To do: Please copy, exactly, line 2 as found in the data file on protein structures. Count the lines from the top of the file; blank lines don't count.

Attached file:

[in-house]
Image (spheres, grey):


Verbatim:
Image (spheres, grey):